If you are seeking Federal Budget data, I suggest you begin with this description
Several government agencies provide budget data. These include the Government Accountability Office (GAO), the Congressional Budget Office (CBO), the Office of Management and Budget (OMB) and the U.S. Treasury Department. The CBO publishes The Budget and Economic Outlook in January, which covers a ten-year window and is typically updated in August. It also publishes a Long-Term Budget Outlook in July and a Monthly Budget Review. The OMB, which is responsible for organizing the President's budget presented in February, typically issues a budget update in July. The GAO and the Treasury issue Financial Statements of the U.S. Government, usually in the December following the close of the federal fiscal year, which occurs September 30. There is a corresponding Citizen's Guide, a short summary. The Treasury Department also produces a Combined Statement of Receipts, Outlays, and Balances each December for the preceding fiscal year, which provides detailed data on federal financial activities.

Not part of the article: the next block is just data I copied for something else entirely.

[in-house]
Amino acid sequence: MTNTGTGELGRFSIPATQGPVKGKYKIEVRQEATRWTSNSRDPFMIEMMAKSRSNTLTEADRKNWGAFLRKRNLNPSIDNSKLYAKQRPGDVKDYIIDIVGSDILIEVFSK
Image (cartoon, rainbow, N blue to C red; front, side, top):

Historical tables within the President's Budget (OMB) provide a wide range of data on federal government finances. Many of the data series begin in 1940 and include estimates of the President's Budget for 2009–2014. Additionally, Table 1.1 provides data on receipts, outlays, and surpluses or deficits for 1901–1939 and for earlier multi-year periods. This document is composed of 17 sections, each of which has one or more tables. Each section covers a common theme. Section 1, for example, provides an overview of the budget and off-budget totals; Section 2 provides tables on receipts by source; and Section 3 shows outlays by function. When a section contains several tables, the general rule is to start with tables showing the broadest overview data and then work down to more detailed tables. The purpose of these tables is to present a broad range of historical budgetary data in one convenient reference source and to provide relevant comparisons likely to be most useful. The most common comparisons are in terms of proportions (e.g., each major receipt category as a percentage of total receipts and of the gross domestic product).